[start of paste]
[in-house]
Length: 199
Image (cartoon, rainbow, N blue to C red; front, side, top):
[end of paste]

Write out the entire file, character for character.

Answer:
[in-house]
Length: 199
Image (cartoon, rainbow, N blue to C red; front, side, top):